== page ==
WASHINGTON (Reuters) - A U.S. judge on Thursday ordered President Donald Trump’s former campaign manager Paul Manafort to remain under home arrest and wear an electronic monitoring device for now as he awaits a tentative trial date on money-laundering and other charges.
Manafort, who ran Trump’s presidential campaign for several months last year, and his associate Richard Gates pleaded not guilty on Monday to a 12-count indictment.
The charges include conspiracy to launder money, conspiracy against the United States and failing to register as foreign agents of Ukraine’s former pro-Russian government.
They are part of Special Counsel Robert Mueller’s investigation of alleged Russian efforts to tilt the 2016 election in Trump’s favour and into potential collusion by Trump’s associates.
The investigation has cast a shadow over the first nine months of the Republican’s presidency.
Another top Trump former campaign advisor, Sam Clovis, withdrew his candidacy for an administration job, apparently as a result of Mueller’s probe.
For Manafort and Gates, a conviction on conspiracy to launder money alone could carry a sentence of up to 20 years in prison.
Both men appeared in court in Washington on Thursday. U.S. District Judge Amy Berman Jackson said initial bail terms for the pair would remain in place for now, and set a bail hearing for Monday to consider changes.
Manafort and Gates are under house arrest, under unsecured bonds of $10 million and $5 million respectively, which means they do not have to post the bail unless they fail to show up for court or violate other conditions.
Prosecutors have argued there is a risk the men would flee.
They are also subject to electronic monitoring.
Manafort’s attorney, Kevin Downing, argued that while his client is willing to comply with a daily curfew, he would like to have the GPS monitoring lifted.
Jackson expressed reservations about the idea, saying she would “need to see some good reasons” and that he must articulate those in writing.
“I am concerned - very concerned ... that an unsecured appearance bond in and of itself is not sufficient” without some sort of monitoring, she said. “If they leave and don’t come back, we need to know where they went.”
In a filing with the court, Downing said the government’s case against his client is flimsy and that the bail conditions should be softened because Manafort does not pose a flight risk. Gates’ attorneys made a similar request.
Manafort and Gates remained quiet throughout the proceeding.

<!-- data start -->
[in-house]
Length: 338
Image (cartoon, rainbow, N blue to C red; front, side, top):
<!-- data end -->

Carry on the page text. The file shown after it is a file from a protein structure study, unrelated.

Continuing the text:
Jackson set a bail hearing for Monday morning, and said she would aim to set a tentative trial date next week.
She sharply warned lawyers for the duo about speaking about their case outside of court.
“This is a criminal trial and not a public relations campaign,” Jackson said during a hearing. “I expect counsel to do their talking in the courtroom and in their pleadings, and not on the courthouse steps.”
Mueller’s team is probing allegations that Russia interfered in the election to undercut Americans’ faith in their democracy, damage Democratic candidate Hillary Clinton and help Trump.
The inquiry also is meant to determine whether there was any coordination between Russians and associates of the Trump campaign.
The Kremlin has repeatedly denied meddling. Trump has denied collusion between his associates and Russia, calling the investigations a witch hunt.
Trump had nominated Clovis, his campaign’s national co-chairman, to a post as chief scientist at the Department of Agriculture.
In a letter to Trump describing his decision to withdraw from consideration, Clovis made no mention of the Russia controversy, but cited “the political climate inside Washington.”
“The relentless assaults on you and your team seem to be a blood sport that only increases in intensity each day,” Clovis wrote in the letter. “As I am focussed on your success and the success of this Administration, I do not want to be a distraction or negative influence.”
A source familiar with Mueller’s investigation identified Clovis as the unnamed campaign supervisor in a court filing who had discussions with Trump campaign foreign policy adviser George Papadopoulos about efforts to improve U.S.-Russian relations and setting up meetings between senior Trump campaign and Russian officials.
Papadopoulos pleaded guilty earlier this month to lying to Federal Bureau of Investigation agents about his dealings with Russians. Clovis has not been charged with wrongdoing.
“Mr. Clovis’ nomination was only withdrawn because that would certainly have been a topic during his upcoming testimony, under oath, before the Senate Agriculture Committee,” Democratic Senator Patrick Leahy, a member of the committee, said. “I know because I was going ask him all about it to get more facts on the record and before the American people.”
Additional reporting by Steve Holland and Nathan Layne; Editing by Alistair Bell and Jonathan Oatis